Of course, God is not in the picture. This is just history!
Centurion: What’s this thing? “Ex Africa semper frigida ulcus”? Frigida ulcus? Ulcus is …
Brian: Third declension noun, singular, nominative.
Centurion: And frigida?
Brian (hesitating): First declension adjective, singular.
Centurion: Decline it!
Brian: Frigidus, frigide, frigidum, frigidi, frigido, frigido.
Brian: Ah, feminine, sir. Frigida, frigida, frigidam, …
Centurion (interrupting): And ulcus is feminine?
Brian: Yes. No! Ulcus is, er, masculine.
Centurion: Masculine. What is its plural?
Centurion (drawing his sword, holding it to Brian’s throat): Which makes it …?
Brian: Neuter! Ulcus is neuter!
Brian: Frigidum! Frigidum ulcus!
Centurion (satisfied, sheathing his sword): Frigidum. -Um. Understand?
Brian: Yes, sir.
Centurion: Now write it down a hundred times.
Brian: Yes sir, thank you sir, hail Caesar, sir.
Centurion (saluting): Hail Caesar. If it’s not done by sunrise, I’ll cut your balls off.
Brian: Oh thank you sir, thank you sir, hail Caesar and everything, sir!
Maybe. Did the Herpes Simplex Virus exist in animals in a previous evolutionary form? We're pretty confident the Human Immunodeficiency Virus evolved from the Simian version, so it's not outside the realm of possibility for the first human herpes infections to have come from animals: most likely primates or simians.
The fatal flaw in this study is that the viruses sequenced were not random samples from a population, so we can't conclude anything about the population of all HSV1 viruses. Not just that, but 7/31 viruses (about 25% of those analyzed) were collected from eye tissue in Seattle, WA, while about half (15/31) were from unknown tissues in Kenya. Thus, the vast majority of samples analyzed here are either from Seattle eyes or from somewhere in Kenyans. Not quite the robust geographical coverage the abstract and news coverage imply, is it?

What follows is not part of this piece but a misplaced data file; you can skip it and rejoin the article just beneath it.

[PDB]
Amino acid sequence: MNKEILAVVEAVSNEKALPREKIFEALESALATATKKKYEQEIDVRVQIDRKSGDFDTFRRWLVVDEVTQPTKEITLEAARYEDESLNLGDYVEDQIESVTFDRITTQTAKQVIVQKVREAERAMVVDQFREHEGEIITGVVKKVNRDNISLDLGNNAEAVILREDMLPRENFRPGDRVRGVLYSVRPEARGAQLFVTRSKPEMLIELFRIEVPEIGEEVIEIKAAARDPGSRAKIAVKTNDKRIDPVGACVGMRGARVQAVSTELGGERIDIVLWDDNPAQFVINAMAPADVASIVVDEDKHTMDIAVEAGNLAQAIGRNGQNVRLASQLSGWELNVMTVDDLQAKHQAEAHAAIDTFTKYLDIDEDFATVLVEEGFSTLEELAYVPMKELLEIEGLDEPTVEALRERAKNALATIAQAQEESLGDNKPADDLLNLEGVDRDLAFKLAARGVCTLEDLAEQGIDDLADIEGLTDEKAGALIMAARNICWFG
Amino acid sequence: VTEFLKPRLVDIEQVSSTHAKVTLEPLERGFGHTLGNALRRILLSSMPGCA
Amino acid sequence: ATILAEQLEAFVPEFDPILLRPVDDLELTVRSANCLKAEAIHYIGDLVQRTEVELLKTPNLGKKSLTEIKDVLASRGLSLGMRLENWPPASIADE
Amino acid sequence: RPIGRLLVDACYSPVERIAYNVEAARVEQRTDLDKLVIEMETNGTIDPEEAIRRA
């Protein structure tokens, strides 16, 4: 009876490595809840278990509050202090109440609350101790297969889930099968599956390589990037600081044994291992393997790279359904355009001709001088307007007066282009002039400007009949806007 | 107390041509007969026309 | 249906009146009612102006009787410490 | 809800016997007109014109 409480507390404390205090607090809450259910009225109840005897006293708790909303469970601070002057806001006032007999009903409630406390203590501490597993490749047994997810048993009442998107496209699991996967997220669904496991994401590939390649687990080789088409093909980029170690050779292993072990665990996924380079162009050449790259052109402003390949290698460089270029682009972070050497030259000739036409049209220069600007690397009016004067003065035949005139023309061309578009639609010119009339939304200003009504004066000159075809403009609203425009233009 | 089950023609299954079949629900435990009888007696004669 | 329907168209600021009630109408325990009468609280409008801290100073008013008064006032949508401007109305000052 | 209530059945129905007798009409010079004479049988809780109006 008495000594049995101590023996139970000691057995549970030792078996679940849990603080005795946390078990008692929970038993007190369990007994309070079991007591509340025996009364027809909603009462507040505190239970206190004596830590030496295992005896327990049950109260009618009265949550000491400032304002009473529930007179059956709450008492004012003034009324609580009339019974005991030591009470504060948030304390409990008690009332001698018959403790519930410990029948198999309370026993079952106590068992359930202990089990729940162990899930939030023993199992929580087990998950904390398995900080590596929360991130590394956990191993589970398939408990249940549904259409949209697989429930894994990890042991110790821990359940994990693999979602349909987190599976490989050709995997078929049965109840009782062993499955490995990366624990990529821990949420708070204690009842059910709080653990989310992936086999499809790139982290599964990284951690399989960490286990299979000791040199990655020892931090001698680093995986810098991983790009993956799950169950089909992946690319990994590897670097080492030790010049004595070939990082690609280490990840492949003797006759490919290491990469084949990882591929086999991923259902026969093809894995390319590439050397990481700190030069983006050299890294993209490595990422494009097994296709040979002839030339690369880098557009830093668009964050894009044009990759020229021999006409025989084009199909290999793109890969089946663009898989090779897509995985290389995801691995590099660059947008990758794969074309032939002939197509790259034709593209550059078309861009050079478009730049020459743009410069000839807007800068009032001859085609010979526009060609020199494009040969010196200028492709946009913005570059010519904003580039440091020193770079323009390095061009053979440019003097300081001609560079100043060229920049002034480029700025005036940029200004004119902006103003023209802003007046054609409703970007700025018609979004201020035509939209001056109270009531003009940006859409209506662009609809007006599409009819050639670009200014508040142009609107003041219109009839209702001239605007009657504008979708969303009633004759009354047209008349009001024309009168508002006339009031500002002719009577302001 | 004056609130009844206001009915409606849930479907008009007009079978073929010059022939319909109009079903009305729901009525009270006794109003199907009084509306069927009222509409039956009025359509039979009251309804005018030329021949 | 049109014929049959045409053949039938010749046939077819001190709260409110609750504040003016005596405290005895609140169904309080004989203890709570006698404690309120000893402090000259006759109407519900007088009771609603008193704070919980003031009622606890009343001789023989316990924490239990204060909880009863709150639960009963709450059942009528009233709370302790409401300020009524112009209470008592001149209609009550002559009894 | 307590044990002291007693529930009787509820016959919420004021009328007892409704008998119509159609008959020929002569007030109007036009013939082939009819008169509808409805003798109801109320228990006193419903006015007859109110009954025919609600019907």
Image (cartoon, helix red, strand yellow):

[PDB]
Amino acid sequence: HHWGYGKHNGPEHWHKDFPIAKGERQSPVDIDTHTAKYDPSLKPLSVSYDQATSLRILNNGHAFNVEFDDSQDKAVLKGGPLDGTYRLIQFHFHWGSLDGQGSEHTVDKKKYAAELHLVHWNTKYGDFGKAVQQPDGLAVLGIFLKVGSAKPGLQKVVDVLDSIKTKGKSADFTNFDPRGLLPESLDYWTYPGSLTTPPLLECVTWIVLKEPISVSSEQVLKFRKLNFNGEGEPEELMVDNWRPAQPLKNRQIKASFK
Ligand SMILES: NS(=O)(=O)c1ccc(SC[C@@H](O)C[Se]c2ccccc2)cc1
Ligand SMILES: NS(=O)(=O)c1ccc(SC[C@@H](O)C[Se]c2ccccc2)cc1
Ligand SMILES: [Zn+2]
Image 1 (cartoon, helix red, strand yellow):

Here's one simple alternative explanation for the data: the Kenyan samples represent most of the HSV1 viruses in the wild in non-eye tissues, while the Seattle virus grouping indicates a previously-unsuspected alternate sequence clade of HSV1 that provides a selective advantage for virus growth in eye tissue.
I don't mean to disparage the accomplishment of humans migrating out of Africa, but I noticed the line about humans "managing" to cross the Sahara.
Given that the Sahara turned to desert in very recent history, it perhaps would not have been the barrier to migration 60-100,000 years ago that we see today.
Just because a population stayed behind, it doesn't mean to say that they are any less evolved.
The populations that migrated out and the populations that stayed behind may have responded to evolutionary pressures and mutations in some ways that would be similar while in other ways uniquely different.
If there was no pressure to evolve, then perhaps you could argue differently, but I think we can agree that over the last tens of thousands of years there's been plenty of pressure for humanity to evolve, wherever the population has been located.
The results also seem to back up the theory of a land bridge over the Bering Strait, due to the fact that a Asian strain was found in Texas.
Sigh. No, all that suggests is that there was some migration from Asia to North America (assuming you agree this evidence is significant and supports the general hypothesis of the study). It does not endorse the land-bridge theory over its competitors.
One or more land-bridge migrations may have occurred, but they're certainly not the only possibility.